Gee sets up a table in Hobart’s street, making the Bibles available, and handing out tracts. The table often becomes a place for conversation. “He also does street preaching,” says Markham. “That’s what people don’t like.”
The complainant has been hanging around Gee’s preaching places for years. “He is an atheist, who says he feels offended and insulted by what has been written and said.”
Independent and Roman Catholic Schools are uncertain of the government’s intrusion into preventing hiring of teachers and enrolling students sympathetic to the school’s values. Or, will government force independent and Catholic schools to hire people of any value system and enrol students who have values opposed to those promoted by these schools.
Israel Folau’s clash with Rugby Australia ‘over his fundamentalist religious social media posts’ motivated ‘nine prominent Christians to send letters about the protection of religious freedom to Scott Morrison and Bill Shorten’. These people included leaders from Presbyterian, Baptist, Seventh-Day Adventist and Apostolic churches, as well as a number of religious school leaders.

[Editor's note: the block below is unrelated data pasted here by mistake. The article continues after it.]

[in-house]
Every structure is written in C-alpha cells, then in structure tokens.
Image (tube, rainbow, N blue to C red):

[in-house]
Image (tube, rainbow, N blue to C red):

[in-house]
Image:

The letters were worded differently for each political leader but both letters ‘flagged a range of issues, with protection of religious belief and free speech at the forefront’.
Each letter began:
“In recent years the protections to be accorded to religious freedom, and the related freedoms of conscience, speech and association, have come under increasing focus within Australia.”
“We write to invite you to provide clarification on a range of key issues that are important to the preservation of these freedoms in our country”.
Reverend Dr Hedley Fihaki, a Uniting Church minister and the national chair of the Assembly of Confessing Congregations, said he was worried the Wallaby’s case could set “a dangerous precedent”.
“Scripture is the book the whole church is based on, so if we are not free to teach from that, not just in the private but particularly in the public domain, it is a dangerous precedent,” Dr Fihaki told the ABC.
“From the Bible, from the holy scriptures, that’s the Old and New Testament”.